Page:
There is a way round this - and it is so simple it’s laughable; you need about 10 minutes, a soldering iron, and 4cm of thin wire. This modification also involves no visible changes to the case, no drilling, no cutting, and in fact the RF socket will still be the output method for the video - except it will be giving composite video out instead of RF. Happily the RF output socket is an RCA socket so you just hook up your yellow AV cable to the Speccy’s RF socket and you are away.

The trick is that the Speccy actually feeds composite video into the RF modulator in the 1st place, it modulates this to broadcast RF signals, TV is tuned to the output signal and dutifully converts it back in to composite for display. Naturally all this processing degrades the image and nowadays is totally unnecessary.

Heres how to do it - some of these photos are quite big, its hard to see what's going on when I shrank them, so I unshrank them.

Unscrew the 5 screws underneath that hold the case together. Lift the upper portion of the case off the lower and bring it towards you until you see the 2 ribbon cables attaching the keyboard to the main board. You don’t have to disconnect these but I would, you are more likely to strain them by leaving it connected while you work on the system than by removing and reconnecting them afterwards. By the way - this is the only risky part of the procedure, these keyboard membranes were never the most robust component and aged ones are probably more fragile - don’t strain or bend them ribbons.

There is one screw in the centre of the board that holds it to the lower case, unscrew this and remove the board.

In the rear left hand corner there is a metal box, this is the RF modulator, the lid is only clipped on - pop it off.

Now you can see what’s behind the RF socket, you will see a resistor standing on end in a small plastic tube, the upper leg is soldered to the central pin of the socket.

you need to unsolder that and bend the it away from the pin (Crap camera angle coming up... - you can just about see it in this shot. Tis easy to see what I mean if you have one in front of you tho).

You will also see 2 wires going into the RF box on the left hand side - one of these wires goes through a plastic insulator - that’s the video feed, clumbsily labelled V on the image.

The other one goes through a silvery nub is the +5V power feed for the modulator - we need to disconnect both of those wires. You could leave the modulator powered up but there is little point, also all the RF frequency circuitry could in theory interfere with the signal you are passing out the back in close proximity, so you might as well leave it powered off.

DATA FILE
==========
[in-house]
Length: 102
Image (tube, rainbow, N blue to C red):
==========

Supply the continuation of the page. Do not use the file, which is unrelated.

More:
The 5V wire is just soldered to the upper of the board, unsolder it and bend it up out of the way as shown above. Just the video wire to disconnect, this is soldered through the board to the composite video signal line.

The video feed is soldered from beneath.

...unsolder this wire and bend it out of the way too. Make sure these 2 wires don’t touch anything or each other - you could put a piece of heat shrink insulation on both if you are enthusiastic enough.

Now Sinclair very handily chose a modulator with 2 holes through the plastic insulator on the side of the modulator, so you don’t even have to work out a way to get the wire to the socket. Pass your 4cm of thin wire through the second hole and solder the end to the central pin on the output socket. Solder the other end to where the RF box got its video input originally.

You can see the new yellow wire going from the old feed to through the second hole, also the old 2 connections detached and bent out of the way.

And that’s it - the ground on the Speccy is all common so the ground on the RF box and sleeve of the video socket is already connected up.

Double check you have wired everything as per the photos and put the Speccy back together. Connect "Der Computor" up to the telly.

Et Voila - a Speccy connected to my TV on input AV2.


By the way – I didn’t invent this, it’s not even a recent discovery – it was described in some detail in a 1986 Crash magazine. There are also little FAQ text files from the bulletin boards of the early 90s floating around the web – but they all seem to make it sound harder than it is, and none had photos of the process which shows how simple it really is. Plus they all seem to advocate leaving the RF connected up and running a flying cable out the back of the unit – and or drilling a big hole in the case to have the feed dangling out the back – both are no-nos in my book, if I want an old system it has to be physically intact, cutting big holes is not an option, especially as it can be so damn neat as the above shows. It’s another 10 min job to reconnect the RF later if you decide you really do need it – but I can’t see why anyone would ever go back again.

Saturday, November 22, 2008

Repairing Panther's Oric

Eventually I will be migrating all my old articles from my backups to the new site, but I thought I would start with the most recent/active tales of my fettling. Another member on the old site had bought an untested Oric Atmos and found that it was rather dead...